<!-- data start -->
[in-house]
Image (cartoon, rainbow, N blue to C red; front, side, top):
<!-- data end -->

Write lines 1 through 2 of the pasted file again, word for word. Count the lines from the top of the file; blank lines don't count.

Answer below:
[in-house]
Image (cartoon, rainbow, N blue to C red; front, side, top):